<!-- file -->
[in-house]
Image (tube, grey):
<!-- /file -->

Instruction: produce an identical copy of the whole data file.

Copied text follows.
[in-house]
Image (tube, grey):